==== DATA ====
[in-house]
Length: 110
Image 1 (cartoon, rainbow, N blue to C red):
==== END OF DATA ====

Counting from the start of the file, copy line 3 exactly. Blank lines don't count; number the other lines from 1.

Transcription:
Image 1 (cartoon, rainbow, N blue to C red):